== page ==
To sum up this year's Honolulu Marathon result: The first half went as planned, the second half, not so much. This was one of those days when Plan A fell apart and left me searching for a way to salvage the day. In that regard I feel I did rather well.
Back in August I wrote about muscle fatigue, how this was the one thing more than any other factor that limits my success. This race confirms what I said then. To be positive I will say that I see some improvement.
Let's put up some hard numbers. Later I will dive into the fuzzy stuff.
|Plan||Actual||1st half||2nd half|
|Avg HR Zone||2.8||2.1||3.9||1.4|
The number everyone looks at first is overall duration, and here I totally missed my goal. However, if we look closer at these numbers some interesting things are revealed.
To help in understanding the raw numbers I have included some data charts from Training Peaks, beginning with all Garmin data over time (click chart to enlarge). The horizontal scale is time but I added a vertical line at 13.1 miles, and a horizontal line at heart rate 130BPM. I also marked three places; more below.
Red - Heart Rate
Yellow - Cadence
Green - Pace
Blue - Temperature
Gray - Elevation
My planned average pace was 17:28 min/mi. but I hoped to do a little better than that. To hit that pace I would have to do the flat portions a bit faster to compensate for the hills. I arrived at this pace by studying my runs from the last couple of months, working around the times I was injured. My typical long run pace was down around 18:00 with a goal of keeping my heart rate below 130. Typically my heart rate would slowly climb to around 135 as I warmed up, then after about twenty minutes my technique would smooth out and I could bring my heart rate down to 125-128. My goal for these runs was to spend several hours running without being a basket case for the rest of the week, and I achieved that. My race plan was to run faster than those long runs, to be that basket case at the finish line, so I targeted an average heart rate of 130 but would allow it to go a little higher in order to make my pace.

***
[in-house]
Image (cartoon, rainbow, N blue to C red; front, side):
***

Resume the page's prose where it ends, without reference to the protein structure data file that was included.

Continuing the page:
One of the many good things about this race was that my legs felt great right from the start. Chalk that up to a good taper and the mile walk to the start. Five minutes from the start I was at the pace and heart rate I targeted, and felt fantastic. People all around me were flying past, as if this was a 10K, but I held to my plan. I did have to dodge a lot of people who started in front of me but were already going slow. It takes a few miles to begin to sort out.
After five minutes I saw something all too familiar. I was running at a pace and effort that should produce a heart rate of 130, but I was at 140. I knew I had to hold back a little, but I expected that number to ease back down by mile 2. You can see several drops in pace (green) and cadence (yellow) where I walked the aide stations. I purposely walked up Nuuanu to save energy and get a picture of Santa in front of Murphy's Bar and Grill. I happened see run into some old friends there, too. But there are a couple of spikes in the data -- one has me running at 6:40 min/mi pace! -- which I attribute to GPS errors caused by the highrise buildings downtown.
What I want to do now is step back and point out the general flow of the first half. I followed my plan, walking the steep hills, running comfortably hard, all the while feeling great. My average pace was spot-on, just 1/100th second per mile slower than plan, and that included the long walk up Diamond Head and again on the north side up to 18th Ave.
This is where I had my first big disappointment. No Batman. Every year there has been a guy on Kilauea Ave. in a fantastic Batman costume in a cheerleader/photo-op role. I even stopped to ask some neighbors. They missed him, too. Hope he is OK. Another thing I missed was the lady playing Christmas songs on accordion, around mile 18. She was there, with a sign that said her accordion was broken.